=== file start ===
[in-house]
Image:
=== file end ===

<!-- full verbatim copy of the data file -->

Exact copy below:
[in-house]
Image: